How Do You Know What Commandments To Keep Today?

This is a common question, so first of all, we need to define what “keep and observe” means in regard to the Torah. To “keep and observe” the commandments means to incorporate the things of God into our lives, and to stay true to the pattern or blueprint God has given, by doing certain things, at certain times, by certain people, at certain places. So with that definition in mind, let’s look at how this applies.

Let’s look at a few examples. Take a look at the korbanot, or sacrifices. Do they apply today? The answer would be “No” because there is no Temple, no priesthood, no holy vessels, and no altar, etc. According to the pattern God has given, they can only be done in the place where God chose to put his name, and that place is Jerusalem and the Temple, with a functioning priesthood and altar. However, just because a certain commandment can’t be done according to what God said by doing certain things, at certain times, by certain people, at certain places, does not mean we shouldn’t know and study them. The biblical festivals cannot be kept today either because they involved Temple worship, a priesthood, an altar, and korbanot. Yeshua’s death has little to do with why we don’t do them and has everything to do with having a functioning Temple and priesthood. Paul and the first-century believers kept the festivals in Jerusalem because that was the only place they could be kept. They offered animal sacrifices in the Temple 30 years after Yeshua’s death in Acts 21.15-26.

Tithing is another commandment that cannot be done today for the very same reasons. Tithing was done only if you lived in the land and made a living in agriculture, and the tithe was given to the Levites and they distributed it to the priests and the needy. False teachers will say that the “Law has been done away with” and yet tell their people to tithe, and people do it because they have little to no understanding on how to interpret the Scriptures. Eating biblically allowed meats applies today because you don’t need a Temple or a functioning priesthood to avoid pork, or shellfish, or meats not allowed in Lev 11 and Deut 14. The commandments that tell us not to murder, lie, steal, and idolatry to name a few still apply because this applies everywhere. Biblical giving can be done anywhere.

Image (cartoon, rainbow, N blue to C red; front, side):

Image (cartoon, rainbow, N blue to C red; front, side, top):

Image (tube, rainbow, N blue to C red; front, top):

Basically, you have to ask yourself, “Can I keep this commandment and stay true to the pattern God gave us in the Scriptures by doing certain things, at certain times, by certain people at certain places?” You must find a good teacher who has a Torah-based faith in Yeshua and who you can interact with. You will learn a lot more and a lot faster than doing it by yourself. You can only rise to the level of whoever is teaching you. If you have a teacher who knows much, you will learn much. Study the verses over and over again to see what applies, and this will take a lifetime. Find a group of like-minded believers who can help you study and come to the right interpretation. Read commentaries about the verse or commandment being studied. Ask yourself if it is possible to keep that command by doing specific things, at specific times, by certain people at certain places. If the answer is “No” then you cannot keep that command at this time. Even if a Temple stood and there was a functioning priesthood, some commandments you couldn’t do anyway because you don’t live in the land. The context of each commandment needs to be understood and to “rightly divide” the word of God in order to do what God said to do.

So, in conclusion, learn the definition of “keep and observe” and then look at the commandments in the Torah to see if they apply according to their context, like, are they done only in the land; only in a standingTemple and altar; do I work in agriculture in the land; am a male or female; a king; a priest; are you Jewish or non-Jewish, etc. Start there and see where the Lord leads you.

Posted in All Teachings, Articles, Idioms, Phrases and Concepts, Prophecy/Eschatology, The Festivals of the Lord, The Tanak, Tying into the New Testament

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